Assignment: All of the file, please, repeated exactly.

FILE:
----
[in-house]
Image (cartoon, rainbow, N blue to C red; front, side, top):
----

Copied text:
[in-house]
Image (cartoon, rainbow, N blue to C red; front, side, top):